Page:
San Diego, June 20, 2013 -- Almost half of the mobile apps running on Apple’s iOS operating system access the unique identifier of the devices where they’re downloaded, computer scientists at the University of California, San Diego, have found. In addition, more than 13 percent access the devices’ location and more than 6 percent the address book. The researchers developed a new app that detects what data the other apps running on an iOS device are trying to access.
The findings suggest that although Apple’s App Store no longer accepts new apps or app updates that access the unique identifier as of March of this year, many apps can still get a hold of that information. The unique identifier allows app vendors and advertisers to track users’ behaviors across all the different apps on their devices, including iPhones, iPads and iPods. In addition, some apps can associate the unique identifier with the user’s email and other personal information.
To carry out their study, researchers developed an app of their own, called ProtectMyPrivacy, or PMP. It lets users know what personal information the other apps on their devices are trying to access. PMP enables users to selectively allow or deny access to this information on an app-by-app basis, based on whether they feel the apps need the information to function properly—for example, a map app needs to access the location of a device to provide driving directions. iOS devices currently notify users when apps try to access location, photos and contacts. But they do not notify users when apps access the unique identifier or music library and users can’t deny access to those two pieces of information.
Since gathering data for the study, researchers have also added notifications and recommendations for when an app accesses other privacy-sensitive information, such as a devices’ front and back camera, microphone and photos.
PMP also makes recommendations about whether to allow the other apps to access user data, based on an extensive crowdsourcing ‘recommendation engine’ that compiles the privacy decisions made by other users.
“We wanted to empower users to take control of their privacy,” said Agarwal, who is also an alumnus of UC San Diego’s Jacobs School of Engineering. “The choice should be in users’ hands.”
For locked devices, researchers are currently providing a web page that tells users which information more than 150 apps for iOS—some of the most popular—are trying to access and gives recommendations about whether to allow or deny access. The page can be viewed at http://www.protectmyprivacy.org/liveview/.
For example, Facebook, the most popular app, accesses the devices’ identifier, location and contacts. PMP’s crowdsourcing engine recommends denying access to the identifier and contacts music, but allowing access to location.
Read the full paper here.
Recommendations to protect your privacy
Almost all of PMP’s users—99 percent-- voluntarily shared their privacy decisions, indicating which apps they think should be allowed—or denied—access to their privacy-sensitive data. These decisions – which are contributed anonymously – are then processed on PMP servers to generate the crowdsourced privacy recommendations shown to users. As a result, PMP is able to make recommendations for 97 percent of the 10,000 most popular iPhone apps. “We have already shown millions of recommendations, and more than two-thirds of all our recommendations are accepted by our users, showing that they really like this unique feature of PMP,” said Agarwal. Users chose to deny access to one or more pieces of sensitive data for 48.1 percent of apps.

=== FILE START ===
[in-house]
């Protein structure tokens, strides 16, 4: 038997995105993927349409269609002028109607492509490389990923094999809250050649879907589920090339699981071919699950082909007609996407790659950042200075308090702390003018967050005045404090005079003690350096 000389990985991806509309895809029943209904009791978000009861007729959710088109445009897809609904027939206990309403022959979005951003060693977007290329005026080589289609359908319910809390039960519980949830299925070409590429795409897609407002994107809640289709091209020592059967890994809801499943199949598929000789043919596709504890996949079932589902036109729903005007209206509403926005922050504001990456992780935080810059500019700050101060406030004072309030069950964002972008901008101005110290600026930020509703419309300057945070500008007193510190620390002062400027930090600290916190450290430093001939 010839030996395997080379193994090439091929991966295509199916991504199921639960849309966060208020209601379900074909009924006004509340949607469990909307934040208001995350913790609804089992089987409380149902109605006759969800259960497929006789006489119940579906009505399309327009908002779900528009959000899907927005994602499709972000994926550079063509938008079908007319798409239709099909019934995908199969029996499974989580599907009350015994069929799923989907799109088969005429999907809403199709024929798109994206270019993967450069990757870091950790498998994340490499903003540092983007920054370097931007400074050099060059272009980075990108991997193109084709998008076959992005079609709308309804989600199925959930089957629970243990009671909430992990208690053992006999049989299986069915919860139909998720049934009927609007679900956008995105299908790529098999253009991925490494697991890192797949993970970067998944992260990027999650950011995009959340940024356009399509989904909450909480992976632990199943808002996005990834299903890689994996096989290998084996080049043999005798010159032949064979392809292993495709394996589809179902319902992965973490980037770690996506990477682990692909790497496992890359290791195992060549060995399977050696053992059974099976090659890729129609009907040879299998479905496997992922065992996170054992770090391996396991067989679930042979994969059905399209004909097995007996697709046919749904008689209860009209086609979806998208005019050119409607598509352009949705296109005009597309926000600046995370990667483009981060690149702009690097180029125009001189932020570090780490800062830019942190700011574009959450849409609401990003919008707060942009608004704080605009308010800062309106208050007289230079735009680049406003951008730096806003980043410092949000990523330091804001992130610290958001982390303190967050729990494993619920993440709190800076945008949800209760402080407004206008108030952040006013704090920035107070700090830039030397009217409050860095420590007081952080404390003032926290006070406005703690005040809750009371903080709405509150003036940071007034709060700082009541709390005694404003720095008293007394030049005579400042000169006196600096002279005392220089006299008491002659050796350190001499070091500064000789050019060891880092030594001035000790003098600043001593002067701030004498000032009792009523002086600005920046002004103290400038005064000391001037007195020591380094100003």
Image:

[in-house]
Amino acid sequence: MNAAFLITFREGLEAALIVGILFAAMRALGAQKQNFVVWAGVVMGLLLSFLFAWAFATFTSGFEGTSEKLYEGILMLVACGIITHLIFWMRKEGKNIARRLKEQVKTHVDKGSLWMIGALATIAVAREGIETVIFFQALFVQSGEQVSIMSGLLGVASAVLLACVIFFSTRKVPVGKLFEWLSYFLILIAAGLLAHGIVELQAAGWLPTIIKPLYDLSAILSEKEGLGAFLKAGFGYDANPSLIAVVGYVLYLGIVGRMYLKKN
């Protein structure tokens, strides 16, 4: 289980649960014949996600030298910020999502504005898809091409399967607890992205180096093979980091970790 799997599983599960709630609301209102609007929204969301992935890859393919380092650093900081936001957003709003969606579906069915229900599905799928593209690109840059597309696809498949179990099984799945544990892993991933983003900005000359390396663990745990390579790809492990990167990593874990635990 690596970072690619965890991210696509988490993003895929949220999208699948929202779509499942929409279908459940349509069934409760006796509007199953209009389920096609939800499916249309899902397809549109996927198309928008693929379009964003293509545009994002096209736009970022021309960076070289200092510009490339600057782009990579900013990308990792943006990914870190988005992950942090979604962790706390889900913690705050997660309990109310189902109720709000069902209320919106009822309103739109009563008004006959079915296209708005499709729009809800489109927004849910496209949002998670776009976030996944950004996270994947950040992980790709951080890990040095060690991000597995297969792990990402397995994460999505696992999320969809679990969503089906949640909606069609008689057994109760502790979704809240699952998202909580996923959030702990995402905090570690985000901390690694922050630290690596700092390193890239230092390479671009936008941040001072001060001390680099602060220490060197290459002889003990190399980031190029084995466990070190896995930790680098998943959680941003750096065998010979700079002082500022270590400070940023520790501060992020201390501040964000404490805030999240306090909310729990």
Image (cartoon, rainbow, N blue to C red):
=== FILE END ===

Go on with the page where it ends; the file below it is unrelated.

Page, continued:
The version of PMP available in the Cydia store gives users the option to feed fictitious or anonymized information to nosy apps. Examples include an address book filled with made-up entries, a random location that may be in a completely different country, and a randomly generated unique identifier.
The researchers say that they do not recommend jailbreaking your iPhone to install PMP, because doing so could potentially leave a user open to other vulnerabilities. But in order to conduct their research, they needed to be able to intercept information about the privacy-protected data that apps were accessing. This required low-level access to the operating system, which is not technically possible on locked, non-jailbroken, iOS devices.
Sometimes, it is not the apps themselves that access the data, but a third-party library or code contained within the apps. For example, Flixster, a popular app for movie reviews and recommendations, in its 5.2 version, was flagged for accessing some private data. Flixster contacted Agarwal and Hall to say that it does no such thing. The computer scientists did some digging and found that a third-party ad library used by the app was accessing users’ address books and sending back information. “We provided feedback to the app’s developers in case they are unaware that a third party library may be accessing their users’ private data,” recalled Hall, a visiting researcher in Agarwal’s Synergy Lab at UC San Diego. He also pointed out that “an updated version of Flixster now uses another ad library that does not access this kind of information.”
Agarwal and Hall tried submitting to the Apple Store a “lite” version of their app that wouldn’t interact with the iOS operating system, but the app was rejected. That version would have given users information about the data specific apps access and recommendations about what to allow and deny. It would not have given users the ability to protect their data by providing fictitious information.
Agarwal will join the School of Computer Science at Carnegie Mellon University as an assistant professor in the fall.